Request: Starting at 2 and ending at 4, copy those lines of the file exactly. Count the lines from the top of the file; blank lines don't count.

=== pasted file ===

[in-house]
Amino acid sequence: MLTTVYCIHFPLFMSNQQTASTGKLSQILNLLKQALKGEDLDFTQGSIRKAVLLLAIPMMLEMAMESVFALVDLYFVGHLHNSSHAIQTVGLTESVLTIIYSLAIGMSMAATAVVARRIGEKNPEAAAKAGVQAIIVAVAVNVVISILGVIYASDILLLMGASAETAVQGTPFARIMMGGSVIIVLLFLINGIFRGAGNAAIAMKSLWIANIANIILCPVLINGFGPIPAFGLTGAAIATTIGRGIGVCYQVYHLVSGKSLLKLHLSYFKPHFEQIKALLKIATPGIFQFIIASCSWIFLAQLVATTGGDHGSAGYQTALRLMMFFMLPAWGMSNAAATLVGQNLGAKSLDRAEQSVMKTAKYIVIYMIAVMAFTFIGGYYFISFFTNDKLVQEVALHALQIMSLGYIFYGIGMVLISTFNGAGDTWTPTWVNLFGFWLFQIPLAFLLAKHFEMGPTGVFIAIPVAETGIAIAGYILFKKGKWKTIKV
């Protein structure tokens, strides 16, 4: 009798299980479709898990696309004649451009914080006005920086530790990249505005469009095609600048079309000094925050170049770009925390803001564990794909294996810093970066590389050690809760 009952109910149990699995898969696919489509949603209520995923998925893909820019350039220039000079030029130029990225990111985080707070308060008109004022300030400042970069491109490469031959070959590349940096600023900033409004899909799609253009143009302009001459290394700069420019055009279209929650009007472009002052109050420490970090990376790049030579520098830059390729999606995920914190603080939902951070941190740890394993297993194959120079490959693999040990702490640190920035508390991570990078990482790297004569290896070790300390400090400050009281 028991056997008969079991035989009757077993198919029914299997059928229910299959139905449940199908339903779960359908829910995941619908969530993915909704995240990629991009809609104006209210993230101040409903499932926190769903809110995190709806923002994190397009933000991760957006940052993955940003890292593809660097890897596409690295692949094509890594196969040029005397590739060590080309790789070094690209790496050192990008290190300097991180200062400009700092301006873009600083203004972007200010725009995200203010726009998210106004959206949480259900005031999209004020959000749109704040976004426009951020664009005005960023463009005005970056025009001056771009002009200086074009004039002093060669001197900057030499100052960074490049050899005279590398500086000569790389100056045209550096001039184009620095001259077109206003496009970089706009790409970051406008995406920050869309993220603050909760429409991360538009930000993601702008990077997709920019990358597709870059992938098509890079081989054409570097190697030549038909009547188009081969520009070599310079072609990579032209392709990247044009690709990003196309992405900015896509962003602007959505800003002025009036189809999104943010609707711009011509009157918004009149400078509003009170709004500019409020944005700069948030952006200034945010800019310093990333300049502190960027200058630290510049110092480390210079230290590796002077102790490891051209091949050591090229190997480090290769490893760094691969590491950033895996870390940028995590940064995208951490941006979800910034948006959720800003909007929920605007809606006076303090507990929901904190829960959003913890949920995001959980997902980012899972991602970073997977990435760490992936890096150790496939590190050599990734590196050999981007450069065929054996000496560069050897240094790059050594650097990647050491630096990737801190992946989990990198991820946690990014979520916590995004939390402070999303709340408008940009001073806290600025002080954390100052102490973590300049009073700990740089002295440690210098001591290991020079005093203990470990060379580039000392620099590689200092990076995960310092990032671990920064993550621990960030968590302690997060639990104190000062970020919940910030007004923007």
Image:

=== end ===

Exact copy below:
Amino acid sequence: MLTTVYCIHFPLFMSNQQTASTGKLSQILNLLKQALKGEDLDFTQGSIRKAVLLLAIPMMLEMAMESVFALVDLYFVGHLHNSSHAIQTVGLTESVLTIIYSLAIGMSMAATAVVARRIGEKNPEAAAKAGVQAIIVAVAVNVVISILGVIYASDILLLMGASAETAVQGTPFARIMMGGSVIIVLLFLINGIFRGAGNAAIAMKSLWIANIANIILCPVLINGFGPIPAFGLTGAAIATTIGRGIGVCYQVYHLVSGKSLLKLHLSYFKPHFEQIKALLKIATPGIFQFIIASCSWIFLAQLVATTGGDHGSAGYQTALRLMMFFMLPAWGMSNAAATLVGQNLGAKSLDRAEQSVMKTAKYIVIYMIAVMAFTFIGGYYFISFFTNDKLVQEVALHALQIMSLGYIFYGIGMVLISTFNGAGDTWTPTWVNLFGFWLFQIPLAFLLAKHFEMGPTGVFIAIPVAETGIAIAGYILFKKGKWKTIKV
């Protein structure tokens, strides 16, 4: 009798299980479709898990696309004649451009914080006005920086530790990249505005469009095609600048079309000094925050170049770009925390803001564990794909294996810093970066590389050690809760 009952109910149990699995898969696919489509949603209520995923998925893909820019350039220039000079030029130029990225990111985080707070308060008109004022300030400042970069491109490469031959070959590349940096600023900033409004899909799609253009143009302009001459290394700069420019055009279209929650009007472009002052109050420490970090990376790049030579520098830059390729999606995920914190603080939902951070941190740890394993297993194959120079490959693999040990702490640190920035508390991570990078990482790297004569290896070790300390400090400050009281 028991056997008969079991035989009757077993198919029914299997059928229910299959139905449940199908339903779960359908829910995941619908969530993915909704995240990629991009809609104006209210993230101040409903499932926190769903809110995190709806923002994190397009933000991760957006940052993955940003890292593809660097890897596409690295692949094509890594196969040029005397590739060590080309790789070094690209790496050192990008290190300097991180200062400009700092301006873009600083203004972007200010725009995200203010726009998210106004959206949480259900005031999209004020959000749109704040976004426009951020664009005005960023463009005005970056025009001056771009002009200086074009004039002093060669001197900057030499100052960074490049050899005279590398500086000569790389100056045209550096001039184009620095001259077109206003496009970089706009790409970051406008995406920050869309993220603050909760429409991360538009930000993601702008990077997709920019990358597709870059992938098509890079081989054409570097190697030549038909009547188009081969520009070599310079072609990579032209392709990247044009690709990003196309992405900015896509962003602007959505800003002025009036189809999104943010609707711009011509009157918004009149400078509003009170709004500019409020944005700069948030952006200034945010800019310093990333300049502190960027200058630290510049110092480390210079230290590796002077102790490891051209091949050591090229190997480090290769490893760094691969590491950033895996870390940028995590940064995208951490941006979800910034948006959720800003909007929920605007809606006076303090507990929901904190829960959003913890949920995001959980997902980012899972991602970073997977990435760490992936890096150790496939590190050599990734590196050999981007450069065929054996000496560069050897240094790059050594650097990647050491630096990737801190992946989990990198991820946690990014979520916590995004939390402070999303709340408008940009001073806290600025002080954390100052102490973590300049009073700990740089002295440690210098001591290991020079005093203990470990060379580039000392620099590689200092990076995960310092990032671990920064993550621990960030968590302690997060639990104190000062970020919940910030007004923007």
Image: